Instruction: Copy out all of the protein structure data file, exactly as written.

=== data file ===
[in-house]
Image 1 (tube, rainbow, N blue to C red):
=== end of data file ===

[in-house]
Image 1 (tube, rainbow, N blue to C red):